She has left her footprint in the sands of time and generations would forever appreciate what she has done for the industry but she has her eyes on her future.
“I hope to do more in distribution of films,” She revealed. “I really want to go back to being a creative and make documentaries and films. I am mentoring my niece Tetsekela , she is the next big thing in the creative industry and I enjoy the mentoring aspect of my life, of working with young people and looking forward to a really interesting future for African creative where parents support their children and they make money for it.”
Running an institution like the AMAA and being in the African film industry is challenging and the greatest challenge that comes to mind when asked is support.
“Support and sponsorship,” she revealed. “The biggest difficulty for AMAA and any creative is to get the support of institutional support of Nigerian corporates. The funny thing is that they always look from the outside in instead of from the inside out. They criticize us for the things they say we can do better, but how can we do that when we have no funding for us to do it better? If we have the funding they give to other events, I am sure we can do better. Just like everything else, Africans always look down at their own, we need to learn to support our own and support our own initiatives.”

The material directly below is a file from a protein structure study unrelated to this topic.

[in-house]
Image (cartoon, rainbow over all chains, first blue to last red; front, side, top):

For Aunty Peace, her greatest achievement in the industry isn’t just the AMAA – her legacy which people would know her for – but also some of the other things she has done differently in trying to get people to respect Nollywood internationally. Being the first person to get Nollywood into a film festival as a proper film genre, was definitely an achievement for her, and a step in the right direction.
“After Irapada by Kunle Afolayan won an AMAA, it went on to go into a proper British Film Festival BFI,” she said. “We are still yet to break into something like Toronto, so I am hoping we do that this year.”
The African film industry is large, clearly unstructured and moving in circles instead of growing. Peace’s hopes for the film industry in Africa are all about getting the films out there.